[photo: looking out toward the misty ocean]And just that suddenly, the winds which had been blowing strong and dry from the north, shifted. Now they became softer, moister, gentler, and most importantly, from the south. Winds bringing springtime. Winds we could travel on, these winds from the south. Winds we could ride homeward back to Annapolis.
First, we had to prepare the boat, switch from small-floating-dockside-condo mode to vessel-under-way mode. We’ve gotten used to setting things down on flat surfaces, surfaces that are no longer flat when we’re underway; things that could easily get tossed off needed to be stowed, and everything decluttered. There were a zillion projects to do. We made lists, and a list of all the lists, and spread out the chores over days so we wouldn’t be too overwhelmed. We topped up fuel tanks and scrubbed the growth from the hull – amazing how much accumulated in the 4-1/2 months we’ve been stationary at the dock here. We prepared the boat to run on its own power and solar panels instead of the fat yellow cord that supplies electricity from the dock. Hoisting the sails, just our own kind of flowers spreading their white triangular petals to the spring sun, making sure the lines ran free and there was no winter mold or critters hiding in the folds. Land-based toys like our scooters and backpacks were stowed away, and out came the life jackets and nautical charts and guidebooks. We rented a car for seemingly endless trips to the hardware store, grocery store, and yes, the liquor store; everything we need to be independent for a while. We also visited our favorite places one last time (for this year, anyway), to hear the old-time sea shanties sung a local pub, our last visit to the historic fort guarding the city, our last chile relleno meal at our favorite funky family-owned Mexican restaurant, and soon (not just yet, but very soon) our last people-watching stroll up St George street, dressed in historical costumes or pirate garb, posing with/for the tourists .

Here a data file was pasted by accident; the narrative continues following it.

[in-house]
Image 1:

The really hard part, though, was not the scramble of errands. The “problem” anyone should be proud to have – how, exactly, are we ever going to have time for visits with all the friends we’ve made while here? I can’t remember when we’ve had so much fun, or met so many people we liked all in one place. The friends we’ve made here have ranged widely, some kind, some a laugh a minute, some smart, some just a little odd, and all have enriched our lives.
I hate goodbyes and I’m not good at them. As far as I’m concerned, goodbyes are the very worst thing about living on a boat and traveling, worse than scary storms or big waves or odd sounds in the night. But we packed the schedule with a little time for Melissa and Rosaire and Jose and Shelley and Diego and Dave and Trish and Bill and John and Mark; spent a night laughing uproariously playing liar’s dice and eating pizza with Tiger and Pearl and Grace. I’m gonna miss you guys so much it hurts. We realized how much our thoughts were already on the ocean passage ahead, when we went to a cookout at new friends Michelle and Tony’s and spent much of the evening focused on getting insights on the tricky harbor inlet from one guest, Larry, who happened to be a former TowBoat US operator. If the weather holds, we leave tomorrow. The empty ocean calm will be a phenomenal contrast to the happy-crazy-busy times we’ve been having.
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